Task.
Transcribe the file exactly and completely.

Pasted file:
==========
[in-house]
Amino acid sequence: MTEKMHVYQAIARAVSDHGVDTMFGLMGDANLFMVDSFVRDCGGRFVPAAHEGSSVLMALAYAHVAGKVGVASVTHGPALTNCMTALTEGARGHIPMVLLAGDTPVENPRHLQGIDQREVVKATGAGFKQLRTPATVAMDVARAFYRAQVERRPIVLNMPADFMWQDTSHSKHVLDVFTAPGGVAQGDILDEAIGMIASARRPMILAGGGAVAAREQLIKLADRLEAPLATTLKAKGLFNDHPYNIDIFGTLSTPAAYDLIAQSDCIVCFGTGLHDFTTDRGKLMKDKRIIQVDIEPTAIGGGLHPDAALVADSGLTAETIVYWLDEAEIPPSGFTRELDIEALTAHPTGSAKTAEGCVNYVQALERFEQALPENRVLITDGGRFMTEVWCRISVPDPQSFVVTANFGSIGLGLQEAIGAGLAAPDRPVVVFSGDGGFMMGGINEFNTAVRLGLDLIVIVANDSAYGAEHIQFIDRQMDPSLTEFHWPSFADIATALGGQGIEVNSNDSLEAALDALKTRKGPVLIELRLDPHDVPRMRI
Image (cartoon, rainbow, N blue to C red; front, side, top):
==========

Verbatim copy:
[in-house]
Amino acid sequence: MTEKMHVYQAIARAVSDHGVDTMFGLMGDANLFMVDSFVRDCGGRFVPAAHEGSSVLMALAYAHVAGKVGVASVTHGPALTNCMTALTEGARGHIPMVLLAGDTPVENPRHLQGIDQREVVKATGAGFKQLRTPATVAMDVARAFYRAQVERRPIVLNMPADFMWQDTSHSKHVLDVFTAPGGVAQGDILDEAIGMIASARRPMILAGGGAVAAREQLIKLADRLEAPLATTLKAKGLFNDHPYNIDIFGTLSTPAAYDLIAQSDCIVCFGTGLHDFTTDRGKLMKDKRIIQVDIEPTAIGGGLHPDAALVADSGLTAETIVYWLDEAEIPPSGFTRELDIEALTAHPTGSAKTAEGCVNYVQALERFEQALPENRVLITDGGRFMTEVWCRISVPDPQSFVVTANFGSIGLGLQEAIGAGLAAPDRPVVVFSGDGGFMMGGINEFNTAVRLGLDLIVIVANDSAYGAEHIQFIDRQMDPSLTEFHWPSFADIATALGGQGIEVNSNDSLEAALDALKTRKGPVLIELRLDPHDVPRMRI
Image (cartoon, rainbow, N blue to C red; front, side, top):